Moon Called

Chapter 16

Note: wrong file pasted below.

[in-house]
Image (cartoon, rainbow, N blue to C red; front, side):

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Because there isn't much a mechanic with a broken arm can do besides get in the way, Zee sent me to the office to work on my paperwork. I didn't get much done there either, but at least-as Zee put it-I wasn't whining at him. He wouldn't tell me anything about his dagger or who Adelbert was and why he needed smiting-and I hadn't been able to find it on the Internet, either. When I got persistent, Zee told me he liked the modern era, with its steel and electricity, better than the old days because there was more for a Metallzauber, a gremlin, to do than build swords to kill other folk. Then he exiled me to the office and went back to fixing cars. I am right-handed, and it was my right arm that was broken. I couldn't even use it to hold a piece of paper still because the doctor at the emergency room insisted I wear my arm strapped to my side. I even had to type on my computer using one hand-which made it painstakingly slow to do any work. So I used the computer to play Vegas-style solitaire and lost two thousand dollars of imaginary money, instead. It was probably not the best moment for Gabriel Sandoval to show up. I'd forgotten I'd told his mother to send him over Monday after school. He had to wait until I typed in their bill, then an hourly wage that looked fair to me. It would give him twenty hours to work off, though, and that seemed too much to me. So I added a couple of dollars an hour, until the time looked better. I printed it out and handed it to him. He looked it over and crossed off the salary and replaced it with the original one. "I'm not worth that yet," he said. "But I will be by the end of the first month." I reassessed him. He wasn't tall, and he'd never be a big man, but there was something solid about him, as young as he was. "All right," I said. "It's a deal." I showed him around the office, which took all of five minutes. Then I sat him down at the computer and ran him through my inventory program and my billing system. When he seemed to have the hang of it, I gave him my stacks of paperwork and left him to it. I walked back into the shop and tilted my thumb at the office when Zee looked up. "I think I've found Tad's replacement," I told him. "I gave him my paperwork, and he didn't even growl at me." Zee raised his eyebrows. "Tad never growled at you." " 'Damn it, Mercy, can't you remember to give me the bills the day you get them? " I quoted in my best crabby-Tad voice. "You'd think someone raised around werewolves would know the difference between growling and swearing," Zee observed. He put down his wrench and sighed. "I'm worried about that boy. You know he got that scholarship so they could have their token fae to tow around and point out." "Probably," I agreed. "They'll never know what hit them." "You think he's all right?" "I can't imagine a place where Tad wouldn't be all right. Nothing scares him, nothing bothers him, and he's frighteningly competent at whatever he chooses to do." I patted Zee on the back. I enjoyed watching him play nervous father. This was a conversation we'd been having since Tad left for Harvard. I kept track of them and e-mailed Tad with a count once a week. I heard the office door open and waved Zee to silence so we could listen to how my new office lackey dealt with customers. "Can I help you?" he said in a smooth, dark voice that surprised me. I hadn't expected him to flirt. But then I heard Jesse say, "I'm here looking for Mercy-she didn't tell me she had someone new working for her." There was a short pause, then Gabriel said in a sharp voice, "Who hit you?" Jesse laughed and said lightly, "Don't worry. My dad saw the bruise, and the person who hit me is dead now." "Good." Gabriel sounded as though he wouldn't have minded if it had been the truth. Which it was. "I have someone waiting for me in the car," she said. "I'd better go talk to Mercy." She came into the shop with a thoughtful look on her face. "I like him," she said. I nodded. "Me, too. Nice haircut." We'd stopped by Warren's house after cleanup at the tree farm to find Jesse minus the duct tape that had still been stuck to her hair-and also minus most of her hair. Warren had looked... well, he ought to have looked ashamed, but there had been amusement in his eyes. Jesse rolled her eyes at me. "Who'd have thought a gay man couldn't cut hair." She ran her fingers through the inch-long strands that had been tipped with a glittery gold color. She looked like a flapper from the 1920s wearing one of those beaded caps. "He told you he didn't know how to give haircuts," I said, as she walked over and kissed Zee on the cheek. "I got it fixed the next day." She grinned at me, then she lost her smile. "Dad called Mom yesterday and told her what happened. Everything that happened." I knew her mother. She and Adam had only been divorced four years, and Adam had lived behind me for almost seven. "What did she say?" "That he was to fly me back to Eugene on the first flight home and never darken her doorstep again." She touched her lips. "She does it on purpose, you know. Tries to make him feel bad, like he's an animal. If that doesn't work, she brings up her four miscarriages as if they didn't hurt him as much as they hurt her. As if everything is his fault. And he buys it every time. I knew what she was going to do, so I made them let me listen in on the extension. I think he was just going to agree with her and send me back, so I said some things that maybe I shouldn't have." I didn't ask, just waited. She could tell me if she wanted to. Apparently she did. "I told Dad about her boyfriend who tried to climb into bed with me when I was twelve. And the time two years ago, when she left for a weekend in Vegas without telling me she was going anywhere. It got pretty ugly." "I'm sorry." She lifted her chin. "I'm not. Mom agreed to let me stay here for the rest of the school year, then they'll talk. Anyway, Warren's out waiting for me in the car-Dad said it would be a long time before he could contemplate leaving me alone-at least a week. I have a request for you." "What did'ja need?" I asked. "Dad asked me to stop in and see if you'd come to dinner. Somewhere expensive, 'cause we owe you." "I'll close up here so you can go clean up," Zee said a little eagerly. I hadn't been that whiny. Really. "All right," I said. "You can pick me up at-" I started to twist my right wrist, winced and remembered I'd put my watch on my left wrist that morning. It was almost four. "Six-thirty." "He'll be there," she said, and waltzed back into the office to flirt with the help. "Go," said Zee. It wasn't that easy, of course. I introduced Gabriel and Zee, then puttered around getting things finished until nearly five. I grabbed my purse out of the safe and started out the door when my undercover friend pulled up in the parking lot driving a black and shiny eighties convertible Mustang. "Tony," I said. He was still in his ubermacho guise, I noticed, as he sprang out of the car, over the door. The opaque black sunglasses disguising his eyes made him look menacing and sexy. "Your engine is missing," I told him. "Funny"-he gave his car an implacable look-"it was here just a minute ago." "Ha-ha," I said. My arm hurt, and I wasn't in the mood for stupid jokes. "Get someone to check your engine." "What did you do to your arm?" he asked. I remembered Jesse's method of telling the whole truth, and said, "I got knocked into a bunch of wooden crates by a werewolf while I was trying to rescue a young girl from the clutches of an evil witch and a drug lord." "Ha-ha," he said in the exact same tone I'd given his joke. "Must have been something stupid if you won't tell the truth." "Well," I said, considering it, "maybe 'drug lord' was too strong a word. And maybe I should have mentioned the girl's handsome and sexy father. What do you think?" "Mercy," he said, taking my good arm and turning me around so we were walking back into the office. "We need to talk." "Can't talk," I said. "I've got a date." "Nice try. But you haven't had a date since I met you." He opened the door and escorted me inside. Gabriel looked up from my... his paperwork and the pleasant smile on his face went away. "What are you doing here?" he said, standing up and coming around the corner. "Let her go. Now." Great, I thought. Just what I need, another macho male in my life trying to take care of me. Tony dropped my arm and collapsed onto one of the uncomfortable chairs I use to encourage my customers to find something else to do rather than wait around while I fix their cars. He buried his face in his hands and either started laughing or crying. I figured he was laughing. When he raised his head, he'd done one of those amazing changes-partially helped, I have to admit, by losing the sunglasses. But it was body language and facial expression, as much as anything. He just suddenly looked ten years older and, except for the earrings, much more respectable. "Tony?" said Gabriel, obviously stunned. "I've been working undercover at Kennewick High right under his nose," Tony told me. "He never even noticed. I told you most people can't recognize me." "I've never argued with that," I said. "I think you're a good undercover cop." Tony shook his head. "Hey, Gabriel, would you give us a minute alone? I have some questions for Mercy." "Sure." Gabriel shook his head and started off. He turned around once on his way out to the shop, as if to make sure that Tony was still sitting there. "I've been giving him a really hard time at school," Tony said, once we were alone. "But he can take care of himself." "I really do need to get home," I told him. "What did you need?" He lifted up one hip and pulled a folded piece of paper out of his back pocket. "That kid you had helping you," he said. "I've got some more information on him." I took the paper and unfolded it. It was a grainy black-and-white picture of Mac with 'MISSING' written across the top in capital letters. It gave his vital statistics-he had been sixteen-but gave no more information. "Alan MacKenzie Frazier," I read. "They traced him here from a phone call he made to his family last week." I nodded, handing the paper back and continued to lie to Tony with the truth. "He asked if he could make a long-distance call the last day he was here-a week ago today. He worked all that day, but I haven't seen him since." I'd talked to Bran about Mac. He said he'd see to it that a hiker would find Mac's remains in the spring so that his parents wouldn't have to wait by the phone forever. It wasn't much, but it was the best I could do. It took some scrambling and a fair bit of help, but I managed to be dressed, clean, and beautiful for dinner with Adam and Jesse. Which turned out to be dinner with just Adam because Jesse told him she wasn't feeling well. He left her home watching a movie with Darryl and Auriele because Warren was out on a date with Kyle. Under the mellowing influence of good food and good music, Adam relaxed, and I discovered that underneath that overbearing, hot-tempered Alpha disguise he usually wore was a charming, overbearing, hot-tempered man. He seemed to enjoy finding out that I was as stubborn and disrespectful of authority as he'd always suspected. He ordered dessert without consulting me. I'd have been angrier, but it was something I could never have ordered for myself: chocolate, caramel, nuts, ice cream, real whipped cream, and cake so rich it might as well have been a brownie. "So," he said, as I finished the last bit, "I'm forgiven?" "You are arrogant and overstep your bounds," I told him, pointing my cleaned fork at him. "I try," he said with false modesty. Then his eyes darkened and he reached across the little table and ran his thumb over my bottom lip. He watched me as he licked the caramel from his skin. I thumped my hands down on the table and leaned forward. "That is not fair. I'll eat your dessert and like it-but you can't use sex to keep me from getting mad." He laughed, one of those soft laughs that start in the belly and rise up through the chest: a relaxed, happy sort of laugh. To change the subject, because matters were heating up faster than I was comfortable with, I said, "So, Bran tells me that he ordered you to keep an eye out for me." He stopped laughing and raised both his eyebrows. "Yes. Now ask me if I was watching you for Bran." It was a trick question. I could see the amusement in his eyes. I hesitated, but decided I wanted to know anyway. "Okay, I'll bite. Were you watching me for Bran?" "Honey," he drawled, pulling on his Southern roots. "When a wolf watches a lamb, he's not thinking about the lamb's mommy." I grinned. I couldn't help it. The idea of Bran as a lamb's mommy was too funny. "I'm not much of a lamb," I said. He just smiled. Time to change the subject again, I thought, taking a quick sip of ice water. "Warren tells me you've accepted our favorite serial rapist as a permanent member of the pack." "He wasn't responsible for the rapes in London." He sounded certain, which meant that he'd asked Ben for the truth and gotten it. Still, I could hear the irritation in his voice and I couldn't help but push a little bit more. "They stopped when he left." "He came to the rescue twice, and the second time it was only chance that he intercepted a tranquilizer rather than a bullet. Gerry's men carried silver ammunition," he snapped impatiently. I smiled at him and he balled up his napkin in disgust. "Point to you," he said. "I bet you wouldn't let him date Jesse," I told him smugly. When he drove me home, he got out of the car and walked around to open the door for me. Maybe it was because I couldn't open the door with my broken arm, but I thought it might be the kind of thing that he always did. He walked me to my front porch and cupped his hands around my face. He stood there for a moment, then glanced over his shoulder and up at the moon, which was nearly full. When he turned back, his eyes had yellow streaks running through the brown. His lips were soft as they feathered over mine tentatively until I leaned against the pressure of his hands, trying to get closer. Then he laughed, a low, chest-deep sound, and really kissed me. With my broken arm strapped between us, there was no body language involved, just mouth and hands. He wore cologne. Something rich and subtle that blended with his exotic scent. When he drew away from me, I left my hand on his cheek, enjoying the faint scratchiness of his beard and the pounding of my heart. Silence grew between us, silence and something tentative and new. Then the door opened and my new roommate looked out with a grin. "Hey, guys, are you through yet? I made some hot cocoa because I figured Mercy wasn't wearing much-but I guess you took care of any chill from the weather." Samuel had been savage when I came home from the garage and told him that I was going out to dinner with Adam. I'd had to remind him forcefully that he had no claim on me, not anymore. He was staying with me until he could find an apartment of his own, and that didn't give him the right to dictate who I went to dinner with. If I'd realized that it was going to be a real date, I'd have been kinder. I knew that Samuel was still interested in me-and part of me still loved him. When Jesse the Matchmaker called me to tell me that her father was on his way over, and not to worry about her because she was just fine, Samuel'd stalked off to sulk in his room, the bigger of my spare bedrooms. But when I'd started trying to put on my dress, he barged into my room to help. I could have done it myself. I wasn't making pained noises, no matter what he said. But, I had to admit, maneuvering clothes, the myriad of mysterious, but businesslike, Velcro straps that grew off the brace the hospital doctor had given me to keep my arm immobilized, and my broken arm was easier with three hands rather than only one. He hadn't been happy when I left, but I refused to let guilt decide who I would date. I don't play games with people I care about, and I won't let them play games with me. I promised him that I wouldn't have sex with Adam any more than I'd have sex with Samuel. Not until I knew what I felt and what they felt. But that was as far as I was willing to go. I'd known that giving him the evening to think about it had been a mistake. I probably should have told Adam that Samuel was still staying with me as soon as I realized he didn't know-but what we'd been experiencing tonight had still been too fragile for that. So Adam got blindsided by Samuel The Live-in Lover. "Not kind, Samuel," I said, then turned to Adam. "He is staying here until he gets an apartment." I looked at Samuel. "It should be really soon now." "I thought you had a practice in Montana, Dr. Cornick," said Adam. He'd released me when the door opened, but then he'd put a hand low on my back-one of those staking-claim gestures that guys do around other guys. Samuel nodded and stepped back, holding the door so that we'd all come inside. As soon as they were both in the enclosed space of my living room, I could smell the power rising from both of them. "I was working at a clinic in rotation with three other doctors," he said, leading the way into the kitchen. "They won't suffer. I left Aspen Creek a while ago, and I've found now that I've returned I can't settle in. So I thought I'd try someplace closer than Texas." Adam accepted a steaming cup and blew on it thoughtfully. "You mean you are petitioning to join my pack?" Samuel's smile, which hadn't left his face since he opened the door, widened even farther. "I wouldn't dream of it. I'm going lone wolf-you'll probably get the official letter informing you of that from Bran sometime this week." I left them to it. They weren't paying any attention to me anyway. I couldn't get the dress off easily without help, but I pulled a pair of sweats on over the top of it. A loose sweatshirt covered my broken arm, strap-bearing torture device and all. Shoes were harder, but I found an old pair of tennis shoes that I hadn't untied and pulled them on my feet over a pair of ankle socks. When I went back out to the living room, both men were still involved in one of those pleasant but deadly conversations that usually ended up badly. They stopped speaking when I opened the front door, but as soon as I closed it behind me, I heard them start up again. I was driving the van, because my Rabbit didn't have power steering. I had to pull over a few miles from home so I could use the cell phone. "Stefan," I said. "Your parts are here. I've got a broken arm, so you'll have to do all the work-but I can talk you through it." "How did you break your arm, Mercy?" he asked. "A werewolf tossed me against a giant packing crate while I was trying to rescue a frightened young girl who'd been kidnapped by an evil witch and a drug lord." "It sounds interesting," Stefan said. "I'll meet you at your garage." See. Some people believe me. READ MORE ...